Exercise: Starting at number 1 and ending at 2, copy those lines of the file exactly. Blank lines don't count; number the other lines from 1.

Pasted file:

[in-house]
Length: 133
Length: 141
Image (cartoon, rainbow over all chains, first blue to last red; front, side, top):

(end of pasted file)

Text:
[in-house]
Length: 133